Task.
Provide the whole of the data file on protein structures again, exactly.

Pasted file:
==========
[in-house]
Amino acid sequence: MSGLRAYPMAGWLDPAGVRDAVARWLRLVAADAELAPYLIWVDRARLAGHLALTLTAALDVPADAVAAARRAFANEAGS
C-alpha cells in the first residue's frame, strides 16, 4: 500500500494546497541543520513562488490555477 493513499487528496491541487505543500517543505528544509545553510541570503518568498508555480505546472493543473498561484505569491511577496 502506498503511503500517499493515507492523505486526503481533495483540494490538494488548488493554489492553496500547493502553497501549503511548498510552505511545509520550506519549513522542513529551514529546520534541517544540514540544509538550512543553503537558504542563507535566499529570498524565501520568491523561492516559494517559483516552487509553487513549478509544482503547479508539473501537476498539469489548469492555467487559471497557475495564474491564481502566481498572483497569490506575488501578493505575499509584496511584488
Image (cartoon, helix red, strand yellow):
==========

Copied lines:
[in-house]
Amino acid sequence: MSGLRAYPMAGWLDPAGVRDAVARWLRLVAADAELAPYLIWVDRARLAGHLALTLTAALDVPADAVAAARRAFANEAGS
C-alpha cells in the first residue's frame, strides 16, 4: 500500500494546497541543520513562488490555477 493513499487528496491541487505543500517543505528544509545553510541570503518568498508555480505546472493543473498561484505569491511577496 502506498503511503500517499493515507492523505486526503481533495483540494490538494488548488493554489492553496500547493502553497501549503511548498510552505511545509520550506519549513522542513529551514529546520534541517544540514540544509538550512543553503537558504542563507535566499529570498524565501520568491523561492516559494517559483516552487509553487513549478509544482503547479508539473501537476498539469489548469492555467487559471497557475495564474491564481502566481498572483497569490506575488501578493505575499509584496511584488
Image (cartoon, helix red, strand yellow):